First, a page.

We heard throughout the campaign of President Obama’s “all of the above” energy policy. That was then. This is now. About 48 hours after he was assured of reelection, the president’s Interior Department issued a plan to close to oil shale development 1.6 million acres of federal land in the West to oil. These acres were targeted for oil shale exploration and development by the prior administration. Instead, only some 677,000 acres would be open for oil shale exploration, and an additional 130,000 for tar sands production. The reason for excluding so much acreage from development includes a desire to protect sage grouse habitats and land with “wilderness characteristics.”
Whether this decision is based on a careful analysis of costs and benefits I do not know. But it is reasonable to assume that the studies, if any, that underlie this decision were not completed immediately after, rather than before the election. They were almost certainly in hand, but their release delayed until after the results of the election were known so as not to cast doubt on the sincerity of the president’s devotion to “all of the above.”
Add this to the list of investigations—the murder of our diplomats in Benghazi, responsibility for the sale of lethal weapons to Mexican drug gangs—that could not be completed in time to inform the electorate before ballots were cast.
Even more important are the events that occurred but were not announced until after the elections. The Iranians shot down our drone, which was not in their air space. No release of that information until Obama learned he would not have to spend the next four years in Chicago. And we are asked to believe that he did not learn of CIA director Petraeus’s possible security breach until Wednesday—the FBI knew about it, House majority leader Eric Cantor says he knew about it in October, surely they told someone who told someone who had to tell or should have told the president. “By law,” says the Washington Post, “agencies are required to notify the [relevant congressional] committees of significant intelligence developments. Some questioned how a probe that turned up compromising information about the CIA director did not qualify.” Indeed.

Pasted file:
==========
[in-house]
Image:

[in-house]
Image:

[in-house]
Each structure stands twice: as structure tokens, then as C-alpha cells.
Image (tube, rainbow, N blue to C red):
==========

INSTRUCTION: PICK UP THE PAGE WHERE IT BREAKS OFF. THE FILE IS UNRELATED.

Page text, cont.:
Perhaps FBI director Robert Mueller, or Attorney General Eric Holder will let us know why (if?) they considered this too trivial a matter to report to the president or to CIA authorities who would be compelled to do so. Rather than immediately plug a hole in our security apparatus, a hole so gaping that the director had to resign to plug it, they, or perhaps (only perhaps, at this stage) the President allowed it to exist until immediately after the election. Why trouble voters with such disturbing news.
As Charles Krauthammer pointed out on Fox, Benghazi is no longer merely a massive foreign policy failure that the media could ignore in the interests of Obama’s reelection. It is a sex scandal, the meat on which the media Caesars feed. So we will sooner or later know more about Benghazi, and more about the time line of what has become a sex scandal, more worthy of coverage than the murder of an ambassador, and impossible to cover without raising questions about Benghazi.
All to come out now that the election is safely behind us.